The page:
A statewide committee that oversees funding applications for local jail construction dollars, has recommended San Mateo County receive over $24 million dollars for improvements to the Maguire Correctional Facility.
San Mateo County Sheriff Greg Munks and San Mateo County Supervisor Adrienne Tissier announced Thursday that the county will receive over $24 million dollars for improvements to the county jail.
In a news release Thursday, the sheriff's office reported that out of ten large sized counties that applied for the construction money, San Mateo County’s application was ranked first by the committee.
The state funding comes under under the auspices of SB 1022.
“I am pleased with the recommendation issued by this committee. This is a culmination of many months of collaboration and hard work by San Mateo County stakeholders (the Sheriff’s Office, the Board of Supervisors, the Probation Department, the County Manager’s Office, and the County Counsel’s Office). These improvements to the Maguire facility will enhance our ability to provide meaningful treatment to mentally ill inmates and help deal with the impacts of realignment. Ultimately, we are striving to improve outcomes for those incarcerated in our county and as a result, reduce recidivism and make our county an even safer place to live,” San Mateo County Sheriff Greg Munks said.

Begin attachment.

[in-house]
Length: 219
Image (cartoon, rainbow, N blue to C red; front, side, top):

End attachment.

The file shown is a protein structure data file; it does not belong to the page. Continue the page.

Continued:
Supervisor Adrienne Tissier, who along with Sheriff Munks and San Mateo County Probation Chief John Keene recently appeared before the committee to present the County’s application, applauded the recommendation as well.
“The Board of Supervisors is committed to enhancing care for mentally ill inmates and these improvements reflect the Board’s long held priority to adequately fund mental health care for all San Mateo County residents who need it, including those who are incarcerated,” Supervisor Tissier said.
Projects funded in the application include renovation of the now dormant Maguire Correctional Facility Treatment Center into a Critical Treatment Center for the most severely mentally ill inmates; conversion of one 80-bed general population pod in the older part of the Maguire Facility into a Mental Health Wellness Pod designed to treat inmates with less than acute mental health issues; a new recreation yard designed to meet the needs of realigned inmates who are expected to be in jail for lengthier sentences; an Inmate Retail Vocational Store that will train re-entry and work furlough inmates on all aspects of retail skills and will be open to the public; and needed seismic improvements to the entirety of the Maguire Facility. The recommendations are scheduled to be approved in a vote to take place at the January 16th meeting of the Board of State and Community Corrections.